To me, Port St. Joe is more than just a place to go fishing and camping. It’s also the place of a thousand childhood memories. It’s the place that I caught my biggest trout, learned to throw a cast net, capsized the canoe, made a spear from a horseshoe crab tail, camped for 5 solid days of rain, watched our tent fly down the beach during a thunderstorm, failed at shooting mullet with a pole gun, saw my first spinner sharks, hooked my first tarpon, and the list goes on. It’s a place that’s very special to me and it wasn’t until this writing prompt that I realized I haven’t been to Port St. Joe since I was in High school. Long enough that I could only find one picture on a computer in the house (I didn’t get this computer until after I graduated).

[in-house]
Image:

Unfortunately, school and work started to become more and more of a priority in my life and before I knew it, I hadn’t been to Port St. Joe in over five years. But I plan to fix that this year. With National Fishing and Boating week on the horizon, I’ve already begun to plan out my camping trip on the wild state park. I’ll be taking my dad with me just like old times, and with any luck, it’ll be just like I remember it.